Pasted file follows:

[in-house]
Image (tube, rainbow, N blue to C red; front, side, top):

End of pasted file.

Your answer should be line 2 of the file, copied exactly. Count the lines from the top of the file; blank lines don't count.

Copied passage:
Image (tube, rainbow, N blue to C red; front, side, top):